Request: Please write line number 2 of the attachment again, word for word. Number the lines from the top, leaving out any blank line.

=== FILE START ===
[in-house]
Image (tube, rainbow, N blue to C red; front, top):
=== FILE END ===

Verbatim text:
Image (tube, rainbow, N blue to C red; front, top):